Organizations should use this period of self-reflection as a fact-finding mission to assimilate the new reality of your industry and its clientele. One great way to acquire this information is to use a survey company to ask your prospects how their shopping habits have changed. Surveys like these can yield significant and surprising insights into the minds of your clients. You can then utilize that data to evolve your business model. Once it’s developed and underway, you also can use this process to evaluate the efficacy of your new system. This approach should be viewed as both the first step toward proper market adaptation and as part of an endless practice to stay relevant to your customers.
Make Your Move
Once you’ve done some serious introspection and better understand the realities on the ground of your industry, it’s time to take action. Invariably, a good place to start is updating your website to ensure your online presence aligns with new buying behaviors.
Companies must recreate their site into a format that does more than simply display products or services, but actually solves their customers’ problems. Since websites have also become the new storefront for most businesses, you must ensure prospects can find it online, or you basically don’t exist. Moreover, it’s imperative your value proposition connects with potential buyers and inspires them to take action.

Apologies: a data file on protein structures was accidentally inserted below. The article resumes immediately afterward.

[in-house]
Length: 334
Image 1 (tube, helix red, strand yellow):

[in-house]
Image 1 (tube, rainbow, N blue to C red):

Prepare for the Future
Once you believe you’ve made the changes necessary to meet consumer demands, it’s time to prepare for the next possible disruption(s). No one can predict the future with 100% accuracy, but we now know more than ever why it’s crucial to try. By analyzing past and present trends in numerous sectors, businesses can better anticipate what lies ahead. For example, many organizations have now shifted from face-to-face interactions to web-based business development. You have to ask yourself: Is this shift only temporary or is it permanent? Is my company ready for these changes?
Given that this use of communication technology has the potential to save businesses money and time, it might be safe to say that these changes are not only here to stay, but will be expanded over time. And so, as you prepare for possible disturbances in your industry, look for opportunities to capitalize off of these advancements. For instance, if you predict brick-and-mortar locations will become less important in your sector, you may want to set in motion the move toward adopting a virtual office. With this route, it is still possible for your business to be findable on local internet maps, to provide a place for your mail to go, for someone to answer the phone and it will likely lower your rent substantially.
Change Can Be Good
The decade has certainly started off with many unique challenges to the status quo in almost all aspects of life. Many describe the disruptions of 2020/2021 as the “new normal,” but perhaps a better way to look at it is that disruption itself is the new normal. In other words, rapid change and uncertainty in the business realm and beyond are here to stay.
It isn’t all bad, though — instead, this is an opportunity to adapt and improve. Through the ongoing process of self-reflection, taking action and actively preparing for the future, companies can streamline and reinvent themselves in new and innovative ways. When the smoke clears, the only true “new normal” may be that businesses can no longer rest on their laurels and live to tell about it.